As celebrity biographies go, this barely readable one hits rock bottom
All the ingredients for a rip-roaring good read are here. A talented actress makes an Oscar-nominated name for herself in the talkies (Cinderella Liberty), marries and divorces “the most successful living playwright” in America (Neil Simon), has affairs with well-known if not superstar film and sports notables (Al Freeman, Keith Hernandez), was introduced to car racing by Paul Newman, and reflects on the rewards and shortcomings of the actor’s life. Then there’s the account of the unhappy Catholic childhood with a physically abusive, alcoholic father and an unresponsive mother; the battles with low self-esteem and repressed anger; the failed first marriage (he turned out to be gay, but not until after they were divorced); the years of therapy; and, at last, a guru who showed her the way to happiness. We even have the shadow of the ever-popular multiple personality, with (at last count) 12 different characters living inside Mason’s head, commenting on her behavior and her thoughts, although not exhibiting themselves in public. They include G.A. (Guardian Angel), The Pusher, The Critic, two Inner Children, and The Warrior (“think Daniel Day Lewis as the intrepid last of the Mohican scouts”). The story is framed as a journey within a journey, with the author setting out on a move from Los Angeles to New Mexico by car (actually, with three cars and two moving vans) and enduring flashbacks all along the way, from her childhood in St. Louis to recollections of Simon’s “special place in my heart.” She’s now a farmer of organic herbs and an occasional actress (including a continuing role on the sitcom Frasier), with only positive (but not insightful) words to say about anyone except herself.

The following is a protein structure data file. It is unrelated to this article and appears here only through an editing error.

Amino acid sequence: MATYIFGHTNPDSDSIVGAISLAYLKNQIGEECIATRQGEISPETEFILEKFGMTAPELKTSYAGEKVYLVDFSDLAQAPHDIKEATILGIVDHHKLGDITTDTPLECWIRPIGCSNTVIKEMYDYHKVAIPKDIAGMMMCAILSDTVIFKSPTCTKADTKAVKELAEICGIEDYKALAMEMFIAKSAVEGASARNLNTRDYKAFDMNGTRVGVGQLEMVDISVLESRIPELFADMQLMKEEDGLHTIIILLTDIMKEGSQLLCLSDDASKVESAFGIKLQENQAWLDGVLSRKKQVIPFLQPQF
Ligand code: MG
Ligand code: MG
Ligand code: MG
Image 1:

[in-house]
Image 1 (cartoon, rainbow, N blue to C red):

At one point in the narrative, an inner voices shouts, “such a cliché, cliché, cliché!” Indeed.